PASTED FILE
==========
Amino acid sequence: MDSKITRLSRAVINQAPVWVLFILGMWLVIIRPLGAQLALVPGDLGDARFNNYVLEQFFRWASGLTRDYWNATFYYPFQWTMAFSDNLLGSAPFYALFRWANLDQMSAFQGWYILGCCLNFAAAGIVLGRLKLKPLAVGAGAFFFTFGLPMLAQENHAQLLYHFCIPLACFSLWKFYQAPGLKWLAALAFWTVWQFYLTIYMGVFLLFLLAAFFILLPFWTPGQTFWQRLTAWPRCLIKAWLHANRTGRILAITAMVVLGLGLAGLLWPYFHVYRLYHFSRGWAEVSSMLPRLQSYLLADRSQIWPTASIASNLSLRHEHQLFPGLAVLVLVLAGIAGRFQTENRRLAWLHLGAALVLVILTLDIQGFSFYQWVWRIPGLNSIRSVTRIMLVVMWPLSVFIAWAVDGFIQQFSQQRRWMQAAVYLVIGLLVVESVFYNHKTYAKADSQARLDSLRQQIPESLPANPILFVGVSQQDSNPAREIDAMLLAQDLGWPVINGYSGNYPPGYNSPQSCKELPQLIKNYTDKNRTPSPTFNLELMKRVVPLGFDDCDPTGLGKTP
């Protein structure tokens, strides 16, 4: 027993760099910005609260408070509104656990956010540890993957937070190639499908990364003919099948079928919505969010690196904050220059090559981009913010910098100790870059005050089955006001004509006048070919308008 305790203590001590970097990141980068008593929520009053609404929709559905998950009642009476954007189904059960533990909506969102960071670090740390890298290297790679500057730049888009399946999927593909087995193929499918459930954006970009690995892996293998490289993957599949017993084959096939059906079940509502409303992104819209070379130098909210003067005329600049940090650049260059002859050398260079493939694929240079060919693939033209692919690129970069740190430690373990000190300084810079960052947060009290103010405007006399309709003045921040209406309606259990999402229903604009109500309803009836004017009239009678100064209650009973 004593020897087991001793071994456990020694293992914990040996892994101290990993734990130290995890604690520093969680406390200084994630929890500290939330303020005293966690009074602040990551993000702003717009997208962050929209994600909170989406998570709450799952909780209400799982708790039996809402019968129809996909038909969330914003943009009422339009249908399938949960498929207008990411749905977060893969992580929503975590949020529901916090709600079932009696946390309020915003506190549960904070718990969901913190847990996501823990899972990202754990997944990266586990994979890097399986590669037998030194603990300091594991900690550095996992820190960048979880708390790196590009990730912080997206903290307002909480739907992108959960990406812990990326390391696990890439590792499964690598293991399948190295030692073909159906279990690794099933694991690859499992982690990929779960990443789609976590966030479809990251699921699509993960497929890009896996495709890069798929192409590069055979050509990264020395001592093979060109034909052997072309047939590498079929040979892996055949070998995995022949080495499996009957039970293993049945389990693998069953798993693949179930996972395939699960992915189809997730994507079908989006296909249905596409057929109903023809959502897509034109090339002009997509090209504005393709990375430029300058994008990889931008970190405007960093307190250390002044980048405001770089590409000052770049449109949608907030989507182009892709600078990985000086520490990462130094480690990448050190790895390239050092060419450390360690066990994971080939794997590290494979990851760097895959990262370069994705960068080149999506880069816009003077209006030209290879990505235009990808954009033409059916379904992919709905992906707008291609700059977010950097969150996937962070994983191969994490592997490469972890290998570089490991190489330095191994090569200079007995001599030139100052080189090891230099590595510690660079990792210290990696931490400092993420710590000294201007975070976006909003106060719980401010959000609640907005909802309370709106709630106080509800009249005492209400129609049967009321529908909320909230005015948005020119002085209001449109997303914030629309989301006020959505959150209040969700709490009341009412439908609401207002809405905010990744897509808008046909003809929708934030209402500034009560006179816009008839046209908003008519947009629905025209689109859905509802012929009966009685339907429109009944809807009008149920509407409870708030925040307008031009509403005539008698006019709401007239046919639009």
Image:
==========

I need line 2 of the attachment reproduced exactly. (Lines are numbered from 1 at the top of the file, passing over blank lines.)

């Protein structure tokens, strides 16, 4: 027993760099910005609260408070509104656990956010540890993957937070190639499908990364003919099948079928919505969010690196904050220059090559981009913010910098100790870059005050089955006001004509006048070919308008 305790203590001590970097990141980068008593929520009053609404929709559905998950009642009476954007189904059960533990909506969102960071670090740390890298290297790679500057730049888009399946999927593909087995193929499918459930954006970009690995892996293998490289993957599949017993084959096939059906079940509502409303992104819209070379130098909210003067005329600049940090650049260059002859050398260079493939694929240079060919693939033209692919690129970069740190430690373990000190300084810079960052947060009290103010405007006399309709003045921040209406309606259990999402229903604009109500309803009836004017009239009678100064209650009973 004593020897087991001793071994456990020694293992914990040996892994101290990993734990130290995890604690520093969680406390200084994630929890500290939330303020005293966690009074602040990551993000702003717009997208962050929209994600909170989406998570709450799952909780209400799982708790039996809402019968129809996909038909969330914003943009009422339009249908399938949960498929207008990411749905977060893969992580929503975590949020529901916090709600079932009696946390309020915003506190549960904070718990969901913190847990996501823990899972990202754990997944990266586990994979890097399986590669037998030194603990300091594991900690550095996992820190960048979880708390790196590009990730912080997206903290307002909480739907992108959960990406812990990326390391696990890439590792499964690598293991399948190295030692073909159906279990690794099933694991690859499992982690990929779960990443789609976590966030479809990251699921699509993960497929890009896996495709890069798929192409590069055979050509990264020395001592093979060109034909052997072309047939590498079929040979892996055949070998995995022949080495499996009957039970293993049945389990693998069953798993693949179930996972395939699960992915189809997730994507079908989006296909249905596409057929109903023809959502897509034109090339002009997509090209504005393709990375430029300058994008990889931008970190405007960093307190250390002044980048405001770089590409000052770049449109949608907030989507182009892709600078990985000086520490990462130094480690990448050190790895390239050092060419450390360690066990994971080939794997590290494979990851760097895959990262370069994705960068080149999506880069816009003077209006030209290879990505235009990808954009033409059916379904992919709905992906707008291609700059977010950097969150996937962070994983191969994490592997490469972890290998570089490991190489330095191994090569200079007995001599030139100052080189090891230099590595510690660079990792210290990696931490400092993420710590000294201007975070976006909003106060719980401010959000609640907005909802309370709106709630106080509800009249005492209400129609049967009321529908909320909230005015948005020119002085209001449109997303914030629309989301006020959505959150209040969700709490009341009412439908609401207002809405905010990744897509808008046909003809929708934030209402500034009560006179816009008839046209908003008519947009629905025209689109859905509802012929009966009685339907429109009944809807009008149920509407409870708030925040307008031009509403005539008698006019709401007239046919639009």